Popular Pays is the largest, most active, and most reliable marketplace where brands and creators meet to create content worth sharing.
Product Design Lead
2013 - 2015
The kernel of an idea
Back in early 2013 a few of my friends, future co-founders, came to me with an idea for an app. The core of the idea was to use Instagrammers with an audience of at least 500 followers to power grass-roots, authentic advertising for small businesses. As Allan Holmes so eloquently put it: “Everyone on social media has an audience.” This idea came formed into an app called Popular Pays. For influential Instagrammers in the Chicago area all of a sudden they could get goods and services by using their social currency instead of cash.
Popular Pays was founded by two smart individuals from the advertising industry and a third who was a professional photographer. While the 3 of them had plenty of creative talent combined, they lacked the experience tackling mobile products.
The four of us really didn’t know how to go about starting an app company from scratch. We naively began sketching and designing visuals very early in the process. As the primary employees they researched and met with local businesses to begin alpha testing the concept while I designed early brand and app visuals. To begin the company they had local businesses agree to give away small items to people who came in and showed they had at least 500 followers on their Instagram profile. This was completely free of any product development, but used as an overall proof of concept. To their delight it worked and they were able to secure basic funds from their friends and family as investors.
Early in the process it was decided that these transactions between influencers and businesses would be called “swaps.” Swaps would go on to inform the entire future of the app.
During the brainstorming process the idea of a digital handshake was established as the closest metaphor for this new concept of social bartering. Through several rounds of sketching we landed on a simple action, the swipe. If an influencer reached out their hand holding their phone, a cashier could swipe the screen to seal the deal. This allowed for a physical connection so often lost in the mobile payments industry. The tactile connection felt much closer to our concept of a digital handshake.
Launch and Learnings
After launch we saw a need to collect emails for a more secure login process and a better handling of dealing with spam users.
As we learned how the majority of Instagram users take pictures it became clear that offering an “open camera” button was no longer a necessity. Many iPhone photographers first use a third party camera app to either take the picture or edit their picture before ever getting it in to Instagram. So we decided to focus on the messaging and less on the camera interaction.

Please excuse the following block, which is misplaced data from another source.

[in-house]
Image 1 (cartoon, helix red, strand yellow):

We had no elegant solution for users who didn’t have more than 500 followers, they were just not allowed to log in. To curb this jarring effect we added in a screen to tweet “your city” for promotion and to find cities that had a hungry group of users for expansion.
Transitioning to a new strategy
After around a year growing the business and both with users and merchants it became clear the current business model wouldn’t work. Local businesses couldn’t afford to give away free products and pay us a fee that would allow Popular Pays to be sustainable.
Introducing ‘Paid Gigs’ to save the company. Paid gigs stayed in line with the idea of grass-roots, authentic social advertising, but on a bigger more profitable scale. Gigs are similar to local swaps, but aimed at influencers with upwards of 10,000 followers. National brands like Nike and McDonalds would post a ‘gig’ for influencers to apply for. Influencers bid a dollar amount and receive a product. They post about the product on their feed and Popular Pays collects data for brands about the reach and growth related to their campaign.
Building a dashboard for brands
To support Paid Gigs it became a necessity to provide brands with a method of selection influencers based on their applications. In addition to the application review we wanted to support product choice/shipping details as well as analytics for the campaigns.
From receipts to notifications
After relying on ‘receipts’ for nearly 6 months for Paid Gigs it became clear that the concept was only a holdover from local swaps and not the right solution for Gigs. We transitioned from a non-transparent labeling system on receipts into a more robust timeline/notification process.
Developing a new design language
With all of the new features in the app it became time to evaluate the design patterns used throughout. Due to the changing purpose of the app and it’s task based needs we decided to expose the main navigation as a tab controller instead of hiding it behind a floating button. Beyond this I found the need to create more distinct differentiation between elements so I adopted a more ‘card’ focused UI. This allowed for not only better visual separation but an overall more interactive-looking set of elements.